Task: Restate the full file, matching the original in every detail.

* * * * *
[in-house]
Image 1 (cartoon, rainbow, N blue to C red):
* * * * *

[in-house]
Image 1 (cartoon, rainbow, N blue to C red):